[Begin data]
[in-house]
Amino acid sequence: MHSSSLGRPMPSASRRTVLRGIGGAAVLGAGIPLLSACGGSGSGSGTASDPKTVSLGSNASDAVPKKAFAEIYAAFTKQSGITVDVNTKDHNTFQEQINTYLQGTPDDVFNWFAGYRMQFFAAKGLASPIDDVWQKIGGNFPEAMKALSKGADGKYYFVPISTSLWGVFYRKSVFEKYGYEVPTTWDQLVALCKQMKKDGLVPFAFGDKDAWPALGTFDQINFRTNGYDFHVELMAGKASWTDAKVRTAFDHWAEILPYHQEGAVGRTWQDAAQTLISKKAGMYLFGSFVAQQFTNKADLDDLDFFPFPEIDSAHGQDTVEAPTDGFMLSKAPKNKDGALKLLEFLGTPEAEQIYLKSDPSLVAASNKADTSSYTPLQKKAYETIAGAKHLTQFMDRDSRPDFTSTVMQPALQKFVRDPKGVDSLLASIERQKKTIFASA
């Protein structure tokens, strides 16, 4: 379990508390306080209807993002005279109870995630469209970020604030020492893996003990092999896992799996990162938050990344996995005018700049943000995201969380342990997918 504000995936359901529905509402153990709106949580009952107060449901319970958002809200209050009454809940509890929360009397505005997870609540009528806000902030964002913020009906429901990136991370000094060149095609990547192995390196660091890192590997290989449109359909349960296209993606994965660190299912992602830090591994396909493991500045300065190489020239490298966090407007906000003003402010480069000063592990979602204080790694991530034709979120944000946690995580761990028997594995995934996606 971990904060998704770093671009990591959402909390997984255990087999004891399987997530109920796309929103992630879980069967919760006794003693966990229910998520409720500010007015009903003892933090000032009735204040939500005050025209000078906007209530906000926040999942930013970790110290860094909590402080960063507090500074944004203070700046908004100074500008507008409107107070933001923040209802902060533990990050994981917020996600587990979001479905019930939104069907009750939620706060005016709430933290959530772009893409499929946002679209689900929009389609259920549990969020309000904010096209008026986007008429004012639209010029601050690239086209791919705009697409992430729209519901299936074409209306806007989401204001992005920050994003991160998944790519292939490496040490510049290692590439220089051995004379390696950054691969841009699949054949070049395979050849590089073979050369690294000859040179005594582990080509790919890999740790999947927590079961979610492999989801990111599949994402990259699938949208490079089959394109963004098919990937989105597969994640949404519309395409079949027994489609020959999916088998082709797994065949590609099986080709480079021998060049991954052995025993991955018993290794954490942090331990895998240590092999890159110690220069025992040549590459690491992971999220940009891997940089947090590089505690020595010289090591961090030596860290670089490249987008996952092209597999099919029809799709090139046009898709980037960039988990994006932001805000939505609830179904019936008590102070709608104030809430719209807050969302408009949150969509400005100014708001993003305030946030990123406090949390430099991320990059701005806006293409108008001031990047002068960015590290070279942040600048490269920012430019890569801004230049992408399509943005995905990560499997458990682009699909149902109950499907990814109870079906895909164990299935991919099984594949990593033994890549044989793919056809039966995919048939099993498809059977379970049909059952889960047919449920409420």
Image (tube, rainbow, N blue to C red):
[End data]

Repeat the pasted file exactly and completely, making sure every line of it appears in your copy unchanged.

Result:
[in-house]
Amino acid sequence: MHSSSLGRPMPSASRRTVLRGIGGAAVLGAGIPLLSACGGSGSGSGTASDPKTVSLGSNASDAVPKKAFAEIYAAFTKQSGITVDVNTKDHNTFQEQINTYLQGTPDDVFNWFAGYRMQFFAAKGLASPIDDVWQKIGGNFPEAMKALSKGADGKYYFVPISTSLWGVFYRKSVFEKYGYEVPTTWDQLVALCKQMKKDGLVPFAFGDKDAWPALGTFDQINFRTNGYDFHVELMAGKASWTDAKVRTAFDHWAEILPYHQEGAVGRTWQDAAQTLISKKAGMYLFGSFVAQQFTNKADLDDLDFFPFPEIDSAHGQDTVEAPTDGFMLSKAPKNKDGALKLLEFLGTPEAEQIYLKSDPSLVAASNKADTSSYTPLQKKAYETIAGAKHLTQFMDRDSRPDFTSTVMQPALQKFVRDPKGVDSLLASIERQKKTIFASA
């Protein structure tokens, strides 16, 4: 379990508390306080209807993002005279109870995630469209970020604030020492893996003990092999896992799996990162938050990344996995005018700049943000995201969380342990997918 504000995936359901529905509402153990709106949580009952107060449901319970958002809200209050009454809940509890929360009397505005997870609540009528806000902030964002913020009906429901990136991370000094060149095609990547192995390196660091890192590997290989449109359909349960296209993606994965660190299912992602830090591994396909493991500045300065190489020239490298966090407007906000003003402010480069000063592990979602204080790694991530034709979120944000946690995580761990028997594995995934996606 971990904060998704770093671009990591959402909390997984255990087999004891399987997530109920796309929103992630879980069967919760006794003693966990229910998520409720500010007015009903003892933090000032009735204040939500005050025209000078906007209530906000926040999942930013970790110290860094909590402080960063507090500074944004203070700046908004100074500008507008409107107070933001923040209802902060533990990050994981917020996600587990979001479905019930939104069907009750939620706060005016709430933290959530772009893409499929946002679209689900929009389609259920549990969020309000904010096209008026986007008429004012639209010029601050690239086209791919705009697409992430729209519901299936074409209306806007989401204001992005920050994003991160998944790519292939490496040490510049290692590439220089051995004379390696950054691969841009699949054949070049395979050849590089073979050369690294000859040179005594582990080509790919890999740790999947927590079961979610492999989801990111599949994402990259699938949208490079089959394109963004098919990937989105597969994640949404519309395409079949027994489609020959999916088998082709797994065949590609099986080709480079021998060049991954052995025993991955018993290794954490942090331990895998240590092999890159110690220069025992040549590459690491992971999220940009891997940089947090590089505690020595010289090591961090030596860290670089490249987008996952092209597999099919029809799709090139046009898709980037960039988990994006932001805000939505609830179904019936008590102070709608104030809430719209807050969302408009949150969509400005100014708001993003305030946030990123406090949390430099991320990059701005806006293409108008001031990047002068960015590290070279942040600048490269920012430019890569801004230049992408399509943005995905990560499997458990682009699909149902109950499907990814109870079906895909164990299935991919099984594949990593033994890549044989793919056809039966995919048939099993498809059977379970049909059952889960047919449920409420």
Image (tube, rainbow, N blue to C red):